[Claudio Figueiredo] ASP.Net MVC ActionFilters

I’m a lame blogger, I know. There’s been more than two years that my friend Heynemann has been teasing me to post more, and it’s starting to happen more naturally these times. The reason that I blog less than I’d wish for is that I’m crazy about coding. That’s where I tend to focus most of my time, but I’ll keep posting more frequently now. The reasoning behind this introduction is to assure all my three readers (you know who you are lol), that my series on .Net MVC will be continuing soon.

Action Filters - Why and How?

Action Filters are .Net MVC native way of adding intercepting capabilities to your application. It’s a non-imperative way of adding some AOP to your Controller’s Actions without resorting to AOP or IoC frameworks.

It’s a sweet move on the part of the development team, and It’s something that makes SoC and extensibility in .Net MVC very easy to implement.

Well, since the first time I’ve read about it, I knew it would be a perfect fit to integrate with ValEver.

ValEver (short for Validation Everywhere) was one of the neatest pieces of code ever produced by Bernardo and I had the pleasure of developing its integration with Windsor Container some months ago.

I’ll try to give some examples here on how to use ActionFilters through implementing integration with ValEver and check on the benefits of this happy union. :D

ActionFilters provide a declarative way to access the executing context prior to, and following, the execution of an action.

It has a simple yet meaningful contract:

public abstract class ActionFilterAttribute : Attribute, IActionFilter
    // Methods
    protected ActionFilterAttribute();
    public virtual void OnActionExecuted(ActionExecutedContext filterContext);
    public virtual void OnActionExecuting(ActionExecutingContext filterContext);
    public virtual void OnResultExecuted(ResultExecutedContext filterContext);
    public virtual void OnResultExecuting(ResultExecutingContext filterContext);
    // Properties
    public int Order { get; set; }

Most methods are self explanatory but the important ones in what I’m trying to achieve are OnActionExecuting and the ActionExecutingContext.

That’s the Pre handler of a Controller’s Action call. Through it you can reach the Context and interact with it.

First thing I did, as any good developer should do, was a test. And so it came:

public ActionResult Index([Required("Supply a valid parameter")]string parameter1) {
    return View();

The ValidationShouldThrow and Required(“Supply a valid parameter”)] attributes are native from ValEver. The first being a marker to control behaviour, the second being ‘The’ validation of a parameter.

And from this test came my custom ValEverActionFilter:

public class ValEverActionFilterAttribute : ActionFilterAttribute {
    public override void OnActionExecuting(ActionExecutingContext filterContext) {

This small piece of code is all that’s needed. Besides the business logic, which will be added later, all I need are the parameter values . Interestingly we have them. The neat trick here is the context.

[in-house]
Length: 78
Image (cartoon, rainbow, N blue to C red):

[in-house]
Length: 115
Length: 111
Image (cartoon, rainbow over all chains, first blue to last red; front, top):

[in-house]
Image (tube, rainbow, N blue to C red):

The ActionExecutingContext allows us to direct access to info such as …

//The calling Action
public MethodInfo ActionMethod { get; private set; }
//The parameters and it's values
public IDictionary<string, object> ActionParameters { get; private  set; }
//The request HttpContext 
public HttpContextBase HttpContext { get; internal set; }
//Any data regarding the Routing used in the call
public RouteData RouteData { get; internal set; }

… being able to manipulate almost anything inside the call’s context.

Then again, I settled to test. But this time I need an integrated test between the Controller Action and the Validation through the call of ValEverActionFilter.

It happens that only calling the Action is not enough. And it makes sense. The controller is not so special alone after all. The ActionFilter calling is done on the Handler instantiation on ASP.NET.
“- So, no problem. How hard could it be?” TM

After lot of googling I found how hard it was. There’s no out-of-the-box solution for this kind of test. So I set to make mine and it came as:

public void ShouldThrowOnInvalidParameters() {
    TestingController controller = new TestingController();

    Assert.Throws<ValitationFailedException>(() => 
            => p.Index(string.Empty)));

The InvokeActionWithFilters Extension Method mimics what the ASP.NET does. Supplying defaults and calling the ActionFilter’s hooked events in the right time with the right context.

Then I just had to write the business logic to my filter, and make tests go green.

public class ValEverActionFilterAttribute : ActionFilterAttribute {
    public override void OnActionExecuting(ActionExecutingContext filterContext) {
        var methodInfo = filterContext.ActionMethod;
        AddValidationParameters(filterContext, methodInfo);
        bool isValid = ValidationContext.Validate(filterContext.Controller) &&
        ThrowIfRequiredByDecoration(isValid, methodInfo);

Nothing more had to be done to have it interacting with the method call.
The filterContext.ActionMethod contains all the information needed. Parameters and it’s values too.


So, despite the little trouble testing the ActionFilters with the call’s context, it was easy extend and interact with one of the core aspect of a MVC framework and, better yet, keeping the concerns apart. Just some other cool things you can do with ActionFilters:

  • Cancel Action Execution
  • Interact with HttpContext
  • Override/fill parameters values
  • Set manually your own ActionResult

This opens so many possibilities that it makes me glad to see development going in this direction and delivering such good feats.

The full code of the sample application can be found here.